On this day in 1582, Florentine sculptor Bartolomeo Ammanati published a letter addressed to the Accademia di San Luca (artists’ guild) denouncing the public display of nude sculpture, including his own Neptune Fountain in the Piazza della Signoria of Florence (1560-75).

On this day in 1582, Florentine sculptor Bartolomeo Ammanati published a letter addressed to the Accademia di San Luca (artists’ guild) denouncing the public display of nude sculpture, including his own Neptune Fountain in the Piazza della Signoria of Florence (1560-75). His moral compass had been shifted by Counter-Reformation thought and Jesuit influence. Shortly before his death in 1592, the artist wrote another letter to Grand Duke Ferdinand I de’ Medici, Ammanati beseeched him “not to allow the sculpting or painting of nude things.”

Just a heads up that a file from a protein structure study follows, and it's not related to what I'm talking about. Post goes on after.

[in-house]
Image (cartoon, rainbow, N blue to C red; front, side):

Neptune, marble, over life-size, on the Fountain of Neptune, marble and bronze, h. c. 9.o m, c. 1560–75, Piazza della Signoria, Florence; photo credit: Alinari/Art Resource, NY.

Fountain of Juno (lower figures), 1555-63, Marble, Museo Nazionale del Bargello, Florence. Web Gallery of Art.

Reference: Charles Avery. “Ammanati, Bartolomeo.” Grove Art Online. Oxford Art Online. Oxford University Press. Web. .

Further reading: Ambitious Form: Giambologna, Ammanati, and Danti in Florence by Michael W. Cole (2010).

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